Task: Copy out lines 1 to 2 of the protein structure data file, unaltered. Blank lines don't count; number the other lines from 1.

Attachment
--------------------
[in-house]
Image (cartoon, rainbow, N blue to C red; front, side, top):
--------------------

[in-house]
Image (cartoon, rainbow, N blue to C red; front, side, top):